The Nanotechnology Public Engagement Programme (NPEP) is an initiative funded by the Department of Science and Innovation (DSI) and implemented by the South African Agency for Science and Technology Advancement (SAASTA), a business unit of the National Research Foundation.

NPEP provides information to enhance the public’s knowledge and understanding of nanotechnology. NPEP strives to enable informed decision making on nanotechnology innovations to improve the quality of life.

NPEP also assists in the translation of academic research in nanotechnology for the consumption of the public, industry and the policy makers.

Nanotechnology is the manipulation of matter at the nanoscale, i.e. a size so small that it is measured in nanometres (one billionth of a metre), to create new materials of any size that have new properties and functions.

Nanotechnology is now widely regarded as the enabling technology of the 21st century. Today nanostructured materials and nanotechnology techniques are being used to produce better composite materials, materials with enhanced catalytic activity, hardness and scratch resistance, and a wide range of consumer products (such as cosmetics and sunscreens) that improve human life.

What is Nanotechnology?

Nanotechnology is the study of the controlling or manipulation of matter on an atomic and molecular scale. Nanotechnology makes use of tiny structures on the nanoscale to create useful products of any size that have unique properties, which arise when matter is manipulated on the nanoscale. The nanoscale refers to sizes of less than 100 nanometres, which is in the size range of atoms and molecules. One billion nanometers is the equivalent of one metre.

When particles get that small, they often show unique characteristics that are different from the same matter at a larger size. This is because the smaller the particles get, the larger the relative surface area becomes. So materials can become a different colour, can be stronger, or can conduct electricity differently, for example.

How is nanotechnology being used to solve society’s challenges?

  • Health and medicine – Nanotechnology can be used in many aspects of medicine. New nanostructures are being studied as a new class of drugs to target cancer cells.
  • Water – Nanotechnology is providing new tools to purify water and monitor water safety. This can improve access to clean and safe water, particularly in rural communities.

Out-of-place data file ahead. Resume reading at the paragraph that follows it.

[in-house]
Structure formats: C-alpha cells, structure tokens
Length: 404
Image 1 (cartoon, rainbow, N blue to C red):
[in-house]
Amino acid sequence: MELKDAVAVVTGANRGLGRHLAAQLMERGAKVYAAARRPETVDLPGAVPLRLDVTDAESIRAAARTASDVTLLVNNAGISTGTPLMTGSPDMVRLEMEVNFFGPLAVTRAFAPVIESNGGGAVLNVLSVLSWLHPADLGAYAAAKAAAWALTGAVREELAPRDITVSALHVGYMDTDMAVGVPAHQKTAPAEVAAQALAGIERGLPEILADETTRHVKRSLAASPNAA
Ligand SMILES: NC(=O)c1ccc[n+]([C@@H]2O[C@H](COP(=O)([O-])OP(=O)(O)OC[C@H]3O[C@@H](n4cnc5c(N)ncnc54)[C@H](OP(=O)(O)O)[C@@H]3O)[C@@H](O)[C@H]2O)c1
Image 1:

• Renewable energy – Nanotechnology can contribute towards energy technologies, especially in the development of solar photovoltaic cells (for solar panels), the hydrogen economy and more efficient conventional energy production and consumption.
  • The environment – Nanotechnology may provide ways to clean toxic waste and to purify the air. It has the potential to play a big role in environmental sustainability.
  • Improved materials – Nanomaterials can be used to produce less expensive and more durable building materials, for example to build cheaper housing for poor communities.

Is nanotechnology safe?

Because nanotechnology is a newly developing technology, there may be unknown risks associated with the technology to human health and the environment. However, the safety of nanotechnology is constantly being monitored and measured as it develops. Specific research is being carried out on the potential safety hazards of different nanotechnology applications.

What subjects do I need to study to work in a nanotechnology field?

Nanotechnology is multidisciplinary. Chemists, physics, biologists, medical doctors, engineers, computer scientists and people from many more disciplines can all work in nanotechnology.

At school level, doing well in mathematics and science is essential to be able to enter university to study one of the disciplines mentioned.

At this stage there are no specialised degrees in nanotechnology, but one can study in any of the disciplines that will benefit from nanotechnology, such as chemistry, computer science, materials science, microbiology, medicine, genetics or biotechnology, physics and engineering, etc.

Where can I study nanotechnology?

In order to study in any of the disciplines mentioned above, you should consult university websites to find out their requirements. Most universities offer post-graduate degrees by research projects in nanotechnology. Many universities do research by partnerships with industry or science councils or other international universities. Details of the projects available will also be found on the universities websites.

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